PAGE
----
The assumption of a shadowy life after death was, as we have said, a naive hypothesis aimed at explaining certain dream phenomena. It did not arise from a need of the soul.
It was a different matter when the community was dying and the individual was breaking away from it. He no longer had the feeling that his actions lived on in the state, to which he was in fact indifferent or even hostile; and yet he could not bear to think of complete annihilation. There arose a fear of death such as antiquity had never known before. Cowardice took root; death became a bugbear, instead of the brother of sleep that he had been.
More and more men felt the need of a doctrine that would assert the immortality of the individual, not as an unessential shadow but as a blissful being. Soon bliss was no longer sought in earthly pleasure, not even in earthly virtue, but in the attainment of a better world beyond, for which this wretched life is but a preparation. This conception found strong support in Plato’s doctrine, and that was the way in which the Stoic school too developed.
Plato had already taught of a life beyond, in which the souls, freed from their bodies lived on and received rewards and punishments for their deeds on earth. In the thirteenth chapter of the tenth book of his Republic he tells of a Pamphylian who had fallen in war. On the twelfth day after his death, as he was about to be cremated, he suddenly awoke and related how his soul, after leaving his body, had come to a wondrous place where there were fissures, part leading to heaven, part to the inner parts of the earth. There judges sat in judgment on the souls that came, showing the just the way to the right to heaven, where inconceivable beauty holds sway, and pointing out to the unjust the way down on the left into the bowels of the earth, into a subterranean abyss, where they must make good their earthly sins tenfold. The incurably wicked are seized by wild men, fiery to behold, and chained and tortured. For the others, however, in the abyss, and for those in heaven, a new life begins after a thousand years. The Pamphylian, who had seen all this, had been charged to relate it and brought to life again by a miracle.
Who can help thinking here of heaven and hell in the Christian sense, the sheep on the right hand and the goats on the left, the everlasting fire prepared in Hell (Matthew, 25, verses 38 and 41), and the dead who lived again “until the thousand years were finished” (Revelation, 20, verse 5), and so forth? And yet Plato lived in the fourth century B.C.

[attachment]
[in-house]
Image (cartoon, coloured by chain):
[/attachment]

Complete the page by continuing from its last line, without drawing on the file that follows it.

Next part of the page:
It sounds equally Christian when we read the following: “The body is the soul’s burden and punishment. It weighs down on the soul and keeps it in bonds.” It was not a Christian who wrote this, however, but the Stoic philosopher Seneca, teacher and minister of Nero, the persecutor of Christians.
Another passage has a similar sound: “By this carcass the soul is hidden, varnished over, contaminated, separated from what is true and its own, cast into deception; its whole battle is against the burdensome flesh. It strives thither, to the place from which it was sent forth: there eternal rest awaits it; there, after this massive and confused world it beholds the pure and clear.”
There are a surprising number of other expressions to be found in Seneca which also appear in the New Testament. Thus Seneca says, for example: “Put on the spirit of a great man.” Bruno Bauer is right in comparing this expression with that of Paul’s Epistle to the Romans: “Put ye on the Lord Jesus Christ” (13, verse 14) and the Epistle to the Galatians: “For as many of you as have been baptized into Christ have put on Christ” (3, verse 27). The inference has been drawn from these coincidences that Seneca borrowed from Christian sources, even that he was a Christian. This is a product of Christian fantasy. Seneca wrote before the various parts of the New Testament were composed; if there was any borrowing, it should rather be assumed that the Christians dipped into the widely circulated writings of the fashionable philosopher of the period. One is tempted to assume that both parties independently made use of expressions that were on everybody’s tongue at the time.